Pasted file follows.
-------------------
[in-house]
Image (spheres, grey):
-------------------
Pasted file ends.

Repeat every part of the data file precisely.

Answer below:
[in-house]
Image (spheres, grey):